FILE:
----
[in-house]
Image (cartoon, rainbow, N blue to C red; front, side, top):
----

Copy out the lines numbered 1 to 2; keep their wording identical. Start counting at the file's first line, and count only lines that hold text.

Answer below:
[in-house]
Image (cartoon, rainbow, N blue to C red; front, side, top):